CHESTERFIELD, MISSOURI, US — US corn and soybean exports will grow compared to previous years, while US wheat exports are not projected to increase, according to Rabobank’s annual 10-year outlook report on US grains and oilseeds released on May 15.

The report, “Balancing act: Rising yields, export challenges, structural changes” from RaboResearch, offers insights into potential long-term trends for the major US grains and oilseeds using a 10-year baseline through 2033-34. 

Trends presented in the outlook are not a forecast but represent potential market trends in the context of certain market conditions. The report also analyzes a pair of scenarios that could affect the outlook: impact of declining corn exports on US acreage and impact of lower corn yield growth on US exports and acreage.

With continuing production growth, US exports will be crucial to balancing supply and demand, the report noted. However, in the long run, competition from Brazil, Argentina, Ukraine and Russia is likely to pose a challenge to US grain and oilseed exports.

Rabobank views US planted acres continuing a downward trend, with combined corn and soybean acres staying below the 180-million-acre mark. All three crops will remain below 230 million acres, as lower prices and compressed margins discourage acreage expansion.

In the near term, uncertainty for US farmers revolves around the continued growth of exports, which heavily influence domestic grain prices. While marketing year 2024-25 exports for corn, soybeans and wheat are seen rising compared to the previous year, competition remains fierce from Brazil.

“This is particularly true for soybeans, as Brazilian soybean prices will remain competitive in the global market,” Rabobank said. “Our view is that US corn will remain competitive in the global market as US corn production increases, exerting downward pressure on prices. Meanwhile, US wheat exports will encounter challenges due to strong competition from Russia and Ukraine, both of which offer competitive international prices.”

Longer term trends favor expansion of US export volumes, though they are unlikely to surpass the record set in 2020-21. While the United States long has been seen as a reliable supplier of grains and oilseeds, increased supplies are emerging from regions at more competitive prices with comparatively faster shipments and lower transportation costs. This has caused US global market share to shrink from about 50% in the 1990s to about 22% in 2024.

“We expect US market share to remain flat or decrease further as major exporters continue to expand production and gain market share,” Rabobank said. “However, weather conditions will play a crucial role in determining export availability for all major competing export countries, which will offer pockets of opportunities for US exports.”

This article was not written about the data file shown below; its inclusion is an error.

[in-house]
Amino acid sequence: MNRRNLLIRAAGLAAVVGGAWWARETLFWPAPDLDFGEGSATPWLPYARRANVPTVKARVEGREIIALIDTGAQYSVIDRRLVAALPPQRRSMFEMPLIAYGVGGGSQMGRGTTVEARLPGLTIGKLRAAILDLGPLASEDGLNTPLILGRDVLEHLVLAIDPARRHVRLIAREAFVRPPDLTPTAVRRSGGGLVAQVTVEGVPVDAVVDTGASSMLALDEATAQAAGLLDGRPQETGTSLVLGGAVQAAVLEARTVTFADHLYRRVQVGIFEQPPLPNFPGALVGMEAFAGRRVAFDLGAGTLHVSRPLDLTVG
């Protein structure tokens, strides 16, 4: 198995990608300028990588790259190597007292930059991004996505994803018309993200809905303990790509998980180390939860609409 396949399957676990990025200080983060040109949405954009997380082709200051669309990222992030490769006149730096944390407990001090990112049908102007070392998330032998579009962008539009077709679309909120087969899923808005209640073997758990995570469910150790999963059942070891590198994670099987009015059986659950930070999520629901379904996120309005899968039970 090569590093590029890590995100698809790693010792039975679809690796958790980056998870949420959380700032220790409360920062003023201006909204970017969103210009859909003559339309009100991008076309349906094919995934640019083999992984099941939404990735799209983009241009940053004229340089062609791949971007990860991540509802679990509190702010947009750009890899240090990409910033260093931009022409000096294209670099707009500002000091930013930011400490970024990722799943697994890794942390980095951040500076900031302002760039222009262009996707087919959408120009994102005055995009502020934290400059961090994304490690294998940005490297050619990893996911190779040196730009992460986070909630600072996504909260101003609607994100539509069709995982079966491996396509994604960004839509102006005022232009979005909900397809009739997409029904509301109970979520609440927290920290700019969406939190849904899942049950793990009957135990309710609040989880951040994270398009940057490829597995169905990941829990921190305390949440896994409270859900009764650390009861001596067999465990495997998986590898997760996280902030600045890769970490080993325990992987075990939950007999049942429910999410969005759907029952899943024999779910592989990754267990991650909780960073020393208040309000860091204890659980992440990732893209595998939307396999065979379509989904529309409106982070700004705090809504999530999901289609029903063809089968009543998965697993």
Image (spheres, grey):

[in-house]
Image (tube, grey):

Over the next 10 years, the report sees US exports of corn, soybeans and wheat increasing by an average of about 440 million bushels, about 9% higher than the average export volume of the past 10 years. Corn exports, buoyed by high production and lower prices, are expected to remain competitive on the global market. US soybeans will be split between increasing domestic crush and exports. However, Brazil will remain the primary origin for global soybean importers taking advantage of the South American country’s record production.

“Wheat will have to find a more strategic angle to remain relevant for US farmers,” Rabobank said. “Increased export competition from abroad, slow growth in domestic food consumption (in line with population growth), and the resulting decline in domestic acres all post challenges for the future of US wheat acreage.”

Abundant domestic and global stocks will settle acreage into a longer-term equilibrium. Corn area is seen easing to a more normal level of 90 million to 91 million acres, while soybeans will move close to 87 million to 88 million acres on the strength of domestic crush capacity. Combined, corn and soybeans will remain at a traditional 180 million acres. Competition from Russia and little growth in the US domestic market are expected to challenge wheat planted area, reverting to levels observed over the past 10 years between 45 million and 46 million acres.

Despite growing at a slower pace than exports, US domestic base demand continues to stabilize the market, Rabobank noted, driven by larger crush capacity, the recovery of ethanol demand, and increased feed use.

“The baseline lays out a period of lower prices over the next 10 years, with planted acres gradually decreasing, production growing and stocks increasing,” Rabobank said. “While these lower prices may not be favorable to farmer margins, they position the US more competitively in export markets. Maintaining and increasing US exports will be challenging. Equally important is keeping prices above the 10-year average, maintaining planted acreage levels and avoiding the depressed process experienced between 2014 and 2020.”